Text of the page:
Getting Injured - A Lot

Getting Injured - A Lot

 You know when someone tells you a great story about fishing salmon in the Yukon, building a log house or traveling the world and they never held a rod, hammer or left their city? Stories are great, and it's true that you don't need to have lived through them all to tell them. However, sometimes it just makes them more real when he actually caught that fish, they build the house with their own hands or she traveled through Asia on her motorcycle alone (thats Anne-France Dautheville by the way and you better look her up if you want to know what a real motorcycle adventure is). 

That said, I can say I am a qualified storyteller for injuries on the receiving end, and due to my training as first responder, also from the treating side, which is by far the harder part. 

When thinking about injuries, I thought about what I never hurt and surprisingly that was just one body part. I never to this date, had a bleeding nose. I know, how lame. I somehow managed to have 3 concussions, one where I actually lost a whole days memory. I chipped off teeth, cut my eyes, was blind twice and had bad hair cuts :) but never ever had a bloody nose. I made a sketch of my body, the red was broke or not functional at times, the orange bruise, inflamed, cut or burned.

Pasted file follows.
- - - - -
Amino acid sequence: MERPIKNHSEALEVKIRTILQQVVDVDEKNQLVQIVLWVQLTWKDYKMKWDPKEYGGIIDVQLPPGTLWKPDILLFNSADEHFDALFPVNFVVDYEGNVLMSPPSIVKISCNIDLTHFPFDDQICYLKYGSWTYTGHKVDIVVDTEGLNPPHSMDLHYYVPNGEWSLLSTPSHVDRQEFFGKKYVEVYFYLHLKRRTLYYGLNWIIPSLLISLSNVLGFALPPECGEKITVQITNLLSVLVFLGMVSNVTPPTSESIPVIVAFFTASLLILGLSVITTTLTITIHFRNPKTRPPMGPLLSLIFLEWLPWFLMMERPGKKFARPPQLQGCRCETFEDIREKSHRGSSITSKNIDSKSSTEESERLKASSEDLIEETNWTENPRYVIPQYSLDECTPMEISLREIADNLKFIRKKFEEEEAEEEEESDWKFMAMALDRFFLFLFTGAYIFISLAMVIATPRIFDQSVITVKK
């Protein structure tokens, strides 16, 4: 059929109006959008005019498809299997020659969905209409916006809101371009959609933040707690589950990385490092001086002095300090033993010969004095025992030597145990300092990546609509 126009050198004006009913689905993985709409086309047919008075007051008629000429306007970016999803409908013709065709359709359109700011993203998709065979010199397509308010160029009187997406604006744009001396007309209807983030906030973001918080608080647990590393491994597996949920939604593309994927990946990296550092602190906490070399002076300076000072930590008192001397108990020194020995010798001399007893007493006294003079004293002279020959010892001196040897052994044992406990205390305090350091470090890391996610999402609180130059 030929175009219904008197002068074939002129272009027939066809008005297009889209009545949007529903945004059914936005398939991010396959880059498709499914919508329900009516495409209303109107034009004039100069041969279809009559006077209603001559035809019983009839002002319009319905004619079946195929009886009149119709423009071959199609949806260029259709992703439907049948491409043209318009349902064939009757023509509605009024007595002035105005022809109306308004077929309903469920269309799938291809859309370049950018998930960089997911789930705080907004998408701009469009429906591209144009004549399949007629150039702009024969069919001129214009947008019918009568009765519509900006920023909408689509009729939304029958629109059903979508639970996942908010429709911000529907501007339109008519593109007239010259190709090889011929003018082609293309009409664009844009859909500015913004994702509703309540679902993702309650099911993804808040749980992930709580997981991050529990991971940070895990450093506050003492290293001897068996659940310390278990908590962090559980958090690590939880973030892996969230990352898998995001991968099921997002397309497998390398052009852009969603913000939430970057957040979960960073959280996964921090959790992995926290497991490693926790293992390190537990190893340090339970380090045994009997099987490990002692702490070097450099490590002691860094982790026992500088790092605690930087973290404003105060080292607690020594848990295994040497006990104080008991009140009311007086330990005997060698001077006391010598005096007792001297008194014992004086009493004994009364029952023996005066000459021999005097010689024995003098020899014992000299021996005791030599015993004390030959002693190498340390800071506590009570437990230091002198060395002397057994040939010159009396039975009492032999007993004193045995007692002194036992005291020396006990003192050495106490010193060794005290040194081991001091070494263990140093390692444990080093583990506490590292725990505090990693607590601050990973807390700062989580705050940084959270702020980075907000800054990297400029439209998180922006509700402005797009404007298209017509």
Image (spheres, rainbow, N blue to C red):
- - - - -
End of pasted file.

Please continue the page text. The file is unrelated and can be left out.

What I don't want, despite my track record, is to get injured again. Yes, all my scars tell some good stories, some are funny now, some still not. They all have one thing in common: They stopped me right there or slowed me down! 

Knowing myself, I am sure my nose will sooner or later be added to the injury chart, and I will be ready. 

Since I was a kid, I was lucky to get involved in groups and jobs which equiped me with medical skills through training, it started being a scout, through my military service, deployments abroad, missions with the UN and service in the firefighters. I never stopped learning new techniques and skills, they also always adapt. So never think, a medical skill is good forever. Train hard and be focused and it will save you or someone else. 

Beside the skills of being a first responder, the equipment matters. I know have it all, from a full Emergency Trauma Bag, to an Automated External Defibrillator and IV fluid kits, to small First Aid Kits at home, the car, and backpacks. 

However, being a first responder starts small, as small as how to clean a wound and put on a bandage to just getting help. The only wrong thing we can do is nothing.